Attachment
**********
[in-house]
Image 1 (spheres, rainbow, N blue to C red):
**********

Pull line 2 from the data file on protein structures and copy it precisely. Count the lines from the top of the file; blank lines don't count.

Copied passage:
Image 1 (spheres, rainbow, N blue to C red):